‘Today, We Declare Our Love to Our Forests and Ecosystems’

High Forest Cover and Low Deforestation (HFLD) nations ended a major conference in Suriname on Thursday, with the Krutu of Paramaribo Joint Declaration on HFLD Climate Finance Mobilisation.

Q&A: What of the Carbon Neutral Countries?

As High Forest Cover and Low Deforestation (HFLD) nations meet in Suriname at a major conference, it is obvious that the decision made by these countries to preserve their forests has been a difficult but good one.

The Role Technology Can Play in Fighting Climate Change and Deforestation

At 51, Roberto Wong Loi Sing has spent nearly half of his life working in the field of engineering. But as he spends his days designing more efficient stormwater management systems, or water purification systems, for instance, the child in him comes alive as he combines his skills to find “win-win” solutions for the environment.

Q&A: We Are Helping the World Mitigate Climate Change, Now it’s Time to Help Us

The Caribbean nation of Suriname may be one of the most forested countries in the world, with some 93 percent of the country’s surface area being covered in forests, but it is also the most threatened as it struggles with the impacts of climate change.

Farmers Secure Land and Food Thanks to ‘Eyes in the Skies’

Six years ago while wondering how best to use her engineering skills, Tanzanian ICT entrepreneur Rose Funja decided to enter an innovation competition. Years later she has turned a digital idea into a viable business that helps smallholder farmers across the East African nation access credit.   

Transforming Economies, States, & Societies – Building Evidence for Achieving SDGs

Following on from Finn Tarp, my predecessor, is a daunting prospect, but I look forward to working with my colleagues at UNU-WIDER and with our many partners to build on the achievements of the past 10 years.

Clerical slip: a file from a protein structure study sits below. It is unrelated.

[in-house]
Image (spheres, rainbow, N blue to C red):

Canada Implements New Food Guidelines, But What About the Food Waste?

Canada introduced a new healthy eating food guide January 2019 and, for the first time, the meat, dairy and processed food and beverage industries were not involved. Based on the recommendations of health and nutrition experts, the guide places a new emphasis on eating plants, drinking water and cooking at home.

The Right to Life, Liberty, and Land

Sustainable land management is becoming more important than ever as rates of emissions, deforestation, and water scarcity continue to increase. But what if you don’t have rights to the land? While the impact of agriculture on land is well known, the relationship between land degradation and land tenure seems to be less understood.

Ethiopia Juggles Refugees and Shoppers Coming from Eritrea Amid New Peace

The sudden peace between Ethiopia and Eritrea, and the opening of their previously closed and dangerous border, sent shockwaves of hope and optimism throughout the two countries. But a new issue has arisen: whether Eritreans coming into Ethiopia should still be classed as refugees.

Q&A: Continuous Struggle for the Caribbean to be Heard in Climate Change Discussions

In recent years Caribbean Community (CARICOM) countries have experienced escalated climate change impacts from hurricanes, tropical storms and other weather-related events thanks to global warming of 1.0 ° Celsius (C) above pre-industrial levels. And it has had adverse effects on particularly vulnerable countries and communities.